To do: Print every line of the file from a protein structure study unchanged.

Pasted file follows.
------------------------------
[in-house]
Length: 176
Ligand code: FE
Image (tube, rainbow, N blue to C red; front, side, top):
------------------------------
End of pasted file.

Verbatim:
[in-house]
Length: 176
Ligand code: FE
Image (tube, rainbow, N blue to C red; front, side, top):